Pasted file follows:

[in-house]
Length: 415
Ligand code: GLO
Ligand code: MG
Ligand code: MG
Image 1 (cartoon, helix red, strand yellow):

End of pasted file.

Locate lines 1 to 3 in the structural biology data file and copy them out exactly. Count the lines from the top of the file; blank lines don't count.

[in-house]
Length: 415
Ligand code: GLO